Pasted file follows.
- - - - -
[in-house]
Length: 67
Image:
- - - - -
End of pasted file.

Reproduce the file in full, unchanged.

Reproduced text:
[in-house]
Length: 67
Image: